In this chapter we shall see how to calculate lowest common ancestor in a binary tree.

Problem Statement:

## You are given root node of a tree along with 2 nodes. You need to calculate the lowest common ancestor.

Ancestor is the common node between 2 nodes. Hence you are given 2 nodes, you need to calculate the lowest common ancestor.

For example:

For the node d, e the lowest common ancestor is b.

For the node f, g the lowest common ancestor is c.

For the node h, i the lowest common ancestor is a. Because only the root node is common between those 2 nodes.

Now let’s see how to solve this.

One simple way to achieve this is to list down all the path from root node to the node in question and select the lowest common node between 2 nodes.

It the path for “d” is

a -> b -> d.

The path for “e” is:

a -> b -> e

as you can see that a, b nodes are same for both of the path. We need to select the lowest node i.e “b”.

Another approach is to solve by using recursion without using any extra space.

Below are the steps on how to perform:

We follow bottom up approach to get to solution. The basic idea is that we return current node to it’s patent if we find the node. If we don’t find the node we return NULL.

We do this for both left and right children of the node and finally arrive at the result.

Below is the pseudo code for the same.

node return_lca(node *curr, node a, node b)

{

if curr == null

return null

if curr == A || curr == B

return curr;

left = return_lca(curr.get_left(), a, b)

right = return_lca(curr.get_right(), a, b)

if (left != NULL & right != NULL)

return curr

if left == NULL

return right

else

return left;

}

Let’s see with help of an example:

For the image below, we need to find the lowest common ancestor for h and i nodes.

Initially we take the left nodes of “a” we reach node h, as we have found out a node, we return that node to it’s patent node “d” as below:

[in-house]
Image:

Now node “d” is not having any right child. Hence, node “d” will return it’s value, to it’s parent node “b” as shown below:

Now node “b” is having right child. We found the “i” value, first we return i to e. Then as e node is not having any left child, we return the node value to it’s parent node “b”.

Now node “b” has both left and right child, hence return the value “b” to it’s parent “a”. For node “a”, the right child will return null because the needed nodes are not present.

Hence the result will be “b”.

Solution C++

#include <iostream> #include <stack> #include <map> using namespace std; // structure to hold binary tree node struct Node { int data; Node *left, *right; Node(int data) { this->data = data; this->left = this->right = nullptr; } }; Node *return_lca(struct Node* root, int n1, int n2) { if (root == NULL) return NULL; if (root->data == n1 || root->data == n2) return root; Node *left_lca = return_lca(root->left, n1, n2); Node *right_lca = return_lca(root->right, n1, n2); if (left_lca && right_lca) return root; return (left_lca != NULL)? left_lca: right_lca; } int main() { Node* root = nullptr; /* Binary tree: 16 / \ / \ 10 25 / \ / \ / \ / \ 7 15 18 30 */ root = new Node(16); root->left = new Node(10); root->right = new Node(25); root->left->left = new Node(7); root->left->right = new Node(15); root->right->left = new Node(18); root->right->right = new Node(30); cout << "LCA of (7, 30) = " << return_lca(root, 7, 30)->data; return 0; }

Output:

LCA of (7, 30) = 16